Most likely, as has happened in history with the death of other caudillos, we will never know the exact date that the Venezuelan president died. In fact, the serenity of his daughters during the wake suggests a knowledge well before the event, far beyond what they expected as a logical outcome.

But there are other great lies in this saga. Chavez lied maliciously when he declared himself cured by a miracle, after two operations for the same illness, to be eligible for re-election and to take on the electoral campaign that would place him once more in the presidency of Venezuela. He lied with all his energy and at the cost of his own life, to remain in power, proof of enormous irresponsibility, because in the end the voters, without knowing it, voted overwhelmingly for a prospective corpse. If, as some argue, the late caudillo followed directions from Havana, the acceptance of such interference would only prove a major deception to his people.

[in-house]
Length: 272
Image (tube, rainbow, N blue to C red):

Overnight the king has been left naked and it is obvious that “the right, the oligarchy, the empire and Chavez’s enemies” were telling the truth. However, tens of thousands of Venezuelans mourn his death. Many times before in history other peoples have mourned their dictators and then quickly forgotten them. The people are fickle, because they need to survive all the passing conflicts. At the end of the day, a good share of the Venezuelan people lie “perhaps in good faith,” when they say they will defend with their lives Chavez-style socialism, a paradigm of 21st century justice.

And so the embalmed corpse of Hugo Chavez, which will have a permanent place in the new Palace of the Revolution will be, along with a twisted and sick perception of worship, a way to keep him among the living, even if it’s all little lies.

For my part, as I’ve watched so many tearful faces cross my TV screen lately, so many slogans and testimonials of loyalty to Chavez, I could not but recall that old bolero that played on the Victrolas so many years ago in the bars my Old Havana: “Who cares, life is a lie … lie to me again, your wickedness makes me happy.”

8 March 2013

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Walesa: Counsel and Realities